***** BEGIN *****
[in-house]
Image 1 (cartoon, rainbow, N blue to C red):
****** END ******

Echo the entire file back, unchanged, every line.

[in-house]
Image 1 (cartoon, rainbow, N blue to C red):